Disability and Budget 2017 – What’s Missing?
Wednesday, 10th May 2017 at 11:53 am
The federal budget makes some welcome funding inclusions affecting people with disability but what’s missing is education reform for students with disability, writes advocate Stephanie Gotlib.
The federal government has delivered a budget that includes a welcome measure to ensure that the National Disability Insurance Scheme (NDIS) is fully funded, with a 0.5 per cent Medicare levy increase, giving people with disability confidence about the long-term funding security of the scheme.
The increased funding for pathways to employment for people with disability is also a positive inclusion in the budget. What is missing is a clearly defined education reform for students with disability. Young people with disability face barriers to employment because of discrimination, poor post-school transition, inaccessible workplaces and lack of access to a quality education.
A 5.2 per cent increase in education funding for students with disability has been included in this budget but it is unclear how this figure has been reached and whether this is an adequate response to the huge unmet need which currently exists.
Increased funding on its own will not deliver the systemic reforms required to improve educational outcomes for students with disability.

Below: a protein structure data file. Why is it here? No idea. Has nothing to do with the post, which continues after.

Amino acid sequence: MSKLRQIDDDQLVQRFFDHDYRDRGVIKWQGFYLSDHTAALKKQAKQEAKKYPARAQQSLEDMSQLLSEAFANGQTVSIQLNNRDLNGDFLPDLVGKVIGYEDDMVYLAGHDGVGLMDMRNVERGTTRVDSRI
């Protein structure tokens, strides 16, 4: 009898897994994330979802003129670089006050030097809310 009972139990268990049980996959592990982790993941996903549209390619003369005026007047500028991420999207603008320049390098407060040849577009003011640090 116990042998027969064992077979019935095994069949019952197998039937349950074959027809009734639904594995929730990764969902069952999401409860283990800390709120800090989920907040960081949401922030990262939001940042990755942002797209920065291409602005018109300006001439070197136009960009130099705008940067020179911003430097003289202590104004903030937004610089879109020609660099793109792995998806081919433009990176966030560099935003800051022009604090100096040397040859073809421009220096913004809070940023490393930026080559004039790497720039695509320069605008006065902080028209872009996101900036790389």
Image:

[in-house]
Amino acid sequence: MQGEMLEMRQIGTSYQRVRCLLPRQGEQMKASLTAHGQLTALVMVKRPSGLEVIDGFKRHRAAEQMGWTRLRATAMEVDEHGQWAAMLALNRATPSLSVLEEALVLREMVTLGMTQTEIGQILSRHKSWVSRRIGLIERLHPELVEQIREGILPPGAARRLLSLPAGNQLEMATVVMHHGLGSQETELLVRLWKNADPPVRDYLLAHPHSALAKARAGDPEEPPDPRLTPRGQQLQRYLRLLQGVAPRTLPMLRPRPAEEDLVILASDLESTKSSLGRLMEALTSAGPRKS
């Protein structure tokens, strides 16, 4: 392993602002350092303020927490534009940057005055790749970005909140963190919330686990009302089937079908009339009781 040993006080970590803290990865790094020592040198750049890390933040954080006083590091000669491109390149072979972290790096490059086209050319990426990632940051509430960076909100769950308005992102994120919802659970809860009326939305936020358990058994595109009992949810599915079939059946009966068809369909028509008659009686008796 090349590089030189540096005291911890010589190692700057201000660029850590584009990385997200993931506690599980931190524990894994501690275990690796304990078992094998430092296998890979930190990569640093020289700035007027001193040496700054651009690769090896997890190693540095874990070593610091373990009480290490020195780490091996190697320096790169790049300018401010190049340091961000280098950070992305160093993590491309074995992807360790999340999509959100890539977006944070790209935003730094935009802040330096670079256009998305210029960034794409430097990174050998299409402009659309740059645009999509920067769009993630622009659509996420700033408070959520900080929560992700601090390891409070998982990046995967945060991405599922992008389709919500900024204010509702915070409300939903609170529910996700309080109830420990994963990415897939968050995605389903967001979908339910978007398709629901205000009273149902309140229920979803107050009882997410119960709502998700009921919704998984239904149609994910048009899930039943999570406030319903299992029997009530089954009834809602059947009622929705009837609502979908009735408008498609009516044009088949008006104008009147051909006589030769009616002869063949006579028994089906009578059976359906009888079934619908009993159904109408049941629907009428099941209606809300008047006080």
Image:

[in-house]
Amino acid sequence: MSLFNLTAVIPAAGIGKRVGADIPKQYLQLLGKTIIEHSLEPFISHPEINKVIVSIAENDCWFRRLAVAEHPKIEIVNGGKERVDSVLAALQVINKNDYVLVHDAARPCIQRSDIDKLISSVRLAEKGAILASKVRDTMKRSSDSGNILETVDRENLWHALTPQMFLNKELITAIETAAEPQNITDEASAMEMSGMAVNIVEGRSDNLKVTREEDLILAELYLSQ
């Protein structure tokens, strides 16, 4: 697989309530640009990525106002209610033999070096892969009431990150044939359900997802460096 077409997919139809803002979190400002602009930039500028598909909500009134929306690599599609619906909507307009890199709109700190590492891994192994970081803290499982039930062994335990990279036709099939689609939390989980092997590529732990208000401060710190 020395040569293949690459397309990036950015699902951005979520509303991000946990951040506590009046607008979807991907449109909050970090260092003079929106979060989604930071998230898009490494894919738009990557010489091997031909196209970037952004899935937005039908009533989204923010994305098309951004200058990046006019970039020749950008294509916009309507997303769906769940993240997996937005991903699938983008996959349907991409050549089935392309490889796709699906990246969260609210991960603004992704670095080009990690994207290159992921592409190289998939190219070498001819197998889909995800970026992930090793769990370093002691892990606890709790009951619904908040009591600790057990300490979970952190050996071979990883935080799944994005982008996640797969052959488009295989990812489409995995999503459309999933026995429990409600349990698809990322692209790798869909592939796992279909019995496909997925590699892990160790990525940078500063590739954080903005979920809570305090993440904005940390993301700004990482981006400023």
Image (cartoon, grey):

ABS data shows that in Australia close to 60 per cent of people with disability have not completed Year 12. It is critical that education is a key companion reform for people with disability.
A person could have world-class services and supports but we know that without a quality education life opportunities are greatly diminished. Children and young people with disability are not going to get ahead if we don’t fix the education system.
Last year’s report from the Education and Employment References Committee following a Senate Inquiry highlighted the disadvantage and discrimination students with disability face in our school system and called for urgent action.
The committee made a broad range of recommendations, including the urgent implementation of needs-based funding and appropriate training of educators to educate and include students with disability. My organisation, Children and Young People with Disability Australia (CYDA), supports these recommendations.
Students with disability contend with barriers and disadvantage within the education system. A typical education experience for students with disability involves discrimination, limited or no funding for support, inadequate expertise of staff, a systemic culture of low expectations, exclusion and bullying.
There are also increasing incidents of restraint and seclusion being reported to CYDA. Poor experiences and poor outcomes have become the norm for students with disability due to the inadequacies in our education system.
Education is a key determinant of future life outcomes and opportunities. The government must make a commitment to fully fund national education reforms and students and families need to be clear how this is going to make a difference to their lives. Children and young people with disability have a right to a quality education and without appropriate funding students with disability slip through the cracks.
About the author: Stephanie Gotlib is chief executive officer of Children and Young People with Disability Australia (CYDA) the national representative persons organisation for children and young people with disability aged 0 to 25 years. She also has personal experience of disability as a parent and a sibling.